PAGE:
If you build it, they will come. That’s the idea behind the brand new Elbphilharmonie in Hamburg. The grand glass concert hall stands tall on the Elbe River, a vibrant statement of Hamburg’s position as a top European city, and a destination that should not be missed.
The long-awaited Elbphilharmonie in Hamburg, Germany opened in January 2017 after years of cost-overruns and delays. But the wait seems to have been worthwhile, because tickets have been snatched up like gold. More than 30,000 tickets for the spring season sold out in half an hour.
While Sydney’s opera house has become an iconic symbol of that classic city, Hamburg hopes its new concert hall will do the same. Designed by Swiss architectural firm Herzog & de Meuron, the Elbphilharmonie – or Elphie, as she is nicknamed – resembles waves, a reflection of Hamburg’s maritime character and long history as a port town.
Built on a former warehouse and surrounded on three sides by water, the Elbphilharmonie has redrawn Hamburg’s skyline. The structure is the tallest building in Hamburg and is easily seen from miles around.
With a population of more than a million, Hamburg doesn’t need such a landmark to boost its stature in Germany and Europe. After all, it is the 3rd largest port in Europe. The city’s stately homes and abundance of global companies reflect Hamburg’s status as the wealthiest city in Germany.
Hamburg is a popular destination for Scandinavians and other Europeans, but when you step past Europe, many travelers are unfamiliar with Hamburg. Americans flock to Oktoberfest in Munich and many visit Berlin. Yet many miss Hamburg, which is just 90 minutes from Berlin by train, and a perfect add-on for those exploring Germany.
The Elbphilharmonie hopes to change that, and will help introduce Hamburg to the world. The grand structure, covered in more than 5,800 glass panes, houses three concert halls, a Westin Hotel, 45 apartments, and a range of places to eat and drink.
Elbphilharmonie is one of the most acoustically-advanced concert halls on the planet. The venue’s White Skin refers to 10,000 individually shaped gypsum fiber panels that cover the walls. Developed by internationally renowned acoustician Yasuhisa Toyota, this special wall and roof structure ensures every corner of the concert hall receives perfect sound.
How to Attend a Concert at Elbhilharmonie
The introductory season is already sold out, so visitors to Hamburg should plan their trip well in advance to obtain tickets. Each season will be announced in April, and tickets go on sale in June. Information and tickets can be found at elbphilharmonie.de/en
Concerts for Hamburg is a special series of one-hour concerts designed especially for the local market. Tickets are affordable, and the traditional concert dress code is ignored. Performances cover a wide variety of genres, from symphonic to jazz to large-scale operatic works.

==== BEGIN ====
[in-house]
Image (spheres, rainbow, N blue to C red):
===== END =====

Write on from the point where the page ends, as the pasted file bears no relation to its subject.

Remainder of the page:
Even if you don’t attend a concert at Elbphilharmonie, the concert hall’s plaza is open to all. Due to popularity, free tickets are needed to ride the 80 meter-long escalator to the plaza viewing platform. Free tickets to visit the plaza are available at the Elphilharmonie’s Visitor Center at Kaiserkai 62 and near the Elbphilharmonie entrance. You can pre-book a plaza viewing ticket at Elbphilharmonie.de/en/plaza for a €2 charge.
The Elbphilharmonie is the second of Hamburg’s two grand concert halls. Laeiszhalle, an historic venue which opened in 1908, also has a full calendar of concerts and events. Hamburg’s music scene includes three professional orchestras, several solo and chamber ensembles and a wealth of jazz, rock, pop and contemporary artists and composers.
From Brahms to the Beatles
Hamburg’s tradition in music runs deep. Composers like Johannes Brahms, Gustav Mahler, and C.P.E. Bach were born and worked here.
The Composers Quarter, opened in 2015 near St. Michael church, highlights the life and works of many of these music greats. Museum guests receive headphones with commentary in multiple languages to augment the displays.
The city’s best known musicians, however, might just be the Beatles. John Lennon once said: “I was born in Liverpool, but I grew up in Hamburg.”
The English band were teenagers and still in obscurity when they first performed in some of Hamburg’s now famous nightclubs from 1960 to 1962, helping to establish Hamburg’s legendary live music scene.
Hempel’s Beatles Tour takes visitors to some of the Fab Four’s key locations in Hamburg. Stefanie Hempel, a local Beatles expert, offers insight and stories that bring the Beatles to life. A trained musician, she can also belt out their music, adding to the Beatles nostalgia.
Hamburg’s live music scene continues today as many young newcomer and established bands play at nightclubs in the Reeperbahn at the St. Pauli quarter of Hamburg. When the Beatles first played clubs in St. Pauli, the area was best known for prostitution. Today, St Pauli is Hamburg’s top entertainment district, with many bars and night clubs.
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